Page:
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A Dog's Different Energies

When you consider a dog’s energy, you may think of how much physical activity they need. While physical activity is definitely essential, dogs require a lot more than exercise to exhaust their overall energy. They also need to engage their mental and emotional energies. Addressing all three of these energies is key to ensuring your dog is happy, healthy, and well-behaved

Physical Energy

Many of us think a walk or a run, or maybe a visit to the dog park, will keep our dog calm, but that’s not always the case. However, a short burst of exercise once or twice each day is actually enough for your pet, but then again, there’s a lot more to it than that!

Essentially all dog owners are aware of their animal's energy needs. While the physical exercise a dog needs will vary based on breed, age, and overall health, the consensus is that an hour of daily routine will keep a dog fit. What happens, though, when you exercise your dog, they get tired for a few moments, and then immediately, your four-legged friend reverts back to old behaviors? Maybe they're often barking, or whining by the front door, or even jumping when you walk by.

This might mean that even if the dog got plenty of exercises, they have yet to exhaust their mental and emotional energies.

Mental Energy

We've said it once, and we'll repeat it: Jogging for five miles with your dog by your side, or throwing a tennis ball over and over again while you scroll through your phone, might only satisfy your dog’s physical energy.

  • To exhaust your dog’s mental energy, it's crucial to incorporate structured play into their routine complete with rules and expectations.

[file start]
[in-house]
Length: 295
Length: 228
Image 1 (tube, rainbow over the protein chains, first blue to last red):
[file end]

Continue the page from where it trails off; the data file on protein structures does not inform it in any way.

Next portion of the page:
• Engaging mental stimulation can be very beneficial and make playtime more enjoyable for both yourself and your pet.

Games are plentiful in this way. You might introduce your dog to a new toy or even a new dog or two to hold their attention, improve their focus, and exhaust their mental energy.

Emotional Energy

Interaction and commands will help fulfill your dog’s emotional energy needs.

If you’re on a walk, or playing tug or fetch, you'll want to have your dog periodically stop the play. It would then help if you had them practice an obedience skill in a calm voice before letting them resume.

For instance, you might use the command “Down” during fetch and only allow your dog to retrieve the ball or stick when you give them the go-ahead. Or, during a walk, you might use the “Sit” command occasionally and then praise them for listening.  

This will make your dog feel great and meet their energy needs. It’s a win-win. As your dog keeps active, connects, listens to you, and anticipates what’s to come during play, they can simultaneously exercise their physical, mental, and emotional energies. They’ll be happier, better-behaved, and more balanced before you know it.

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